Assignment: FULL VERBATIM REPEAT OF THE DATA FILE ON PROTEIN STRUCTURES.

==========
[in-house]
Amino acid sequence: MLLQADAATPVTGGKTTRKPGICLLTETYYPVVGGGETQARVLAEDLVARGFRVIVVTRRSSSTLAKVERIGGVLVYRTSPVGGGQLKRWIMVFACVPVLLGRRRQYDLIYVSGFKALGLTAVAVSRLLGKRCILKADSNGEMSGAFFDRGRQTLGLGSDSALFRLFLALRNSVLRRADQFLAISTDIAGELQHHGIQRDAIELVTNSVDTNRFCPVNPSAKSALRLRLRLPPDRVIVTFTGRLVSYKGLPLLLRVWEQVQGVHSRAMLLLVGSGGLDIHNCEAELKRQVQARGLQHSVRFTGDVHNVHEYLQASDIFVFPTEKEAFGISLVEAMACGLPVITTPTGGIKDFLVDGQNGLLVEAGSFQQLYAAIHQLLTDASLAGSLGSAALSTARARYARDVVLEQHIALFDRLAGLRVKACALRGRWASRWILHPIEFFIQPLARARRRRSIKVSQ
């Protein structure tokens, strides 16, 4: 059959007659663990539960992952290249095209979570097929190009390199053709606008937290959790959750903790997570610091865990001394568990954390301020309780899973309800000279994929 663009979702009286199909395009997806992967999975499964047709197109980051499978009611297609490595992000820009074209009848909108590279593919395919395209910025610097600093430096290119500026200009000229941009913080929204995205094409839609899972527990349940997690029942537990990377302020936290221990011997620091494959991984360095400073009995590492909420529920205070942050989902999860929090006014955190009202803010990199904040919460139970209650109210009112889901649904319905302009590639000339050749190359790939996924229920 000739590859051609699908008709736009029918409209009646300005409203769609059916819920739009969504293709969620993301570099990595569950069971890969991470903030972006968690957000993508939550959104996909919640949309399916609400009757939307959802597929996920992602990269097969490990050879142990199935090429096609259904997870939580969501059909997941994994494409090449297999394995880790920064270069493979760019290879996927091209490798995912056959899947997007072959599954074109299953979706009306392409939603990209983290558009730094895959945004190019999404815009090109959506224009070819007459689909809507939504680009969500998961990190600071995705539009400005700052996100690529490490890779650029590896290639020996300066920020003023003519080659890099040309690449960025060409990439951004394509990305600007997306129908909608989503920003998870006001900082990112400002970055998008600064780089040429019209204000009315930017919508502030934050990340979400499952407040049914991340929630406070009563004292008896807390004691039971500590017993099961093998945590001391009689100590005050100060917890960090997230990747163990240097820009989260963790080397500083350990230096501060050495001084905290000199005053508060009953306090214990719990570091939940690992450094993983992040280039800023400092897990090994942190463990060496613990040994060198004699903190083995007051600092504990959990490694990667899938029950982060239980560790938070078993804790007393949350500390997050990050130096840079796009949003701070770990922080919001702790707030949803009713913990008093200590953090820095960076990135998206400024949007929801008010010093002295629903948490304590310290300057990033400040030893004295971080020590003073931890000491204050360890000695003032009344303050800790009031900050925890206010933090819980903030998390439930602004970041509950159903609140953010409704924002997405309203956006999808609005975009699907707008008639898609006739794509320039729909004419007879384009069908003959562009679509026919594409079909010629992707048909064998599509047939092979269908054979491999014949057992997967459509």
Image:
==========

[in-house]
Amino acid sequence: MLLQADAATPVTGGKTTRKPGICLLTETYYPVVGGGETQARVLAEDLVARGFRVIVVTRRSSSTLAKVERIGGVLVYRTSPVGGGQLKRWIMVFACVPVLLGRRRQYDLIYVSGFKALGLTAVAVSRLLGKRCILKADSNGEMSGAFFDRGRQTLGLGSDSALFRLFLALRNSVLRRADQFLAISTDIAGELQHHGIQRDAIELVTNSVDTNRFCPVNPSAKSALRLRLRLPPDRVIVTFTGRLVSYKGLPLLLRVWEQVQGVHSRAMLLLVGSGGLDIHNCEAELKRQVQARGLQHSVRFTGDVHNVHEYLQASDIFVFPTEKEAFGISLVEAMACGLPVITTPTGGIKDFLVDGQNGLLVEAGSFQQLYAAIHQLLTDASLAGSLGSAALSTARARYARDVVLEQHIALFDRLAGLRVKACALRGRWASRWILHPIEFFIQPLARARRRRSIKVSQ
């Protein structure tokens, strides 16, 4: 059959007659663990539960992952290249095209979570097929190009390199053709606008937290959790959750903790997570610091865990001394568990954390301020309780899973309800000279994929 663009979702009286199909395009997806992967999975499964047709197109980051499978009611297609490595992000820009074209009848909108590279593919395919395209910025610097600093430096290119500026200009000229941009913080929204995205094409839609899972527990349940997690029942537990990377302020936290221990011997620091494959991984360095400073009995590492909420529920205070942050989902999860929090006014955190009202803010990199904040919460139970209650109210009112889901649904319905302009590639000339050749190359790939996924229920 000739590859051609699908008709736009029918409209009646300005409203769609059916819920739009969504293709969620993301570099990595569950069971890969991470903030972006968690957000993508939550959104996909919640949309399916609400009757939307959802597929996920992602990269097969490990050879142990199935090429096609259904997870939580969501059909997941994994494409090449297999394995880790920064270069493979760019290879996927091209490798995912056959899947997007072959599954074109299953979706009306392409939603990209983290558009730094895959945004190019999404815009090109959506224009070819007459689909809507939504680009969500998961990190600071995705539009400005700052996100690529490490890779650029590896290639020996300066920020003023003519080659890099040309690449960025060409990439951004394509990305600007997306129908909608989503920003998870006001900082990112400002970055998008600064780089040429019209204000009315930017919508502030934050990340979400499952407040049914991340929630406070009563004292008896807390004691039971500590017993099961093998945590001391009689100590005050100060917890960090997230990747163990240097820009989260963790080397500083350990230096501060050495001084905290000199005053508060009953306090214990719990570091939940690992450094993983992040280039800023400092897990090994942190463990060496613990040994060198004699903190083995007051600092504990959990490694990667899938029950982060239980560790938070078993804790007393949350500390997050990050130096840079796009949003701070770990922080919001702790707030949803009713913990008093200590953090820095960076990135998206400024949007929801008010010093002295629903948490304590310290300057990033400040030893004295971080020590003073931890000491204050360890000695003032009344303050800790009031900050925890206010933090819980903030998390439930602004970041509950159903609140953010409704924002997405309203956006999808609005975009699907707008008639898609006739794509320039729909004419007879384009069908003959562009679509026919594409079909010629992707048909064998599509047939092979269908054979491999014949057992997967459509």
Image: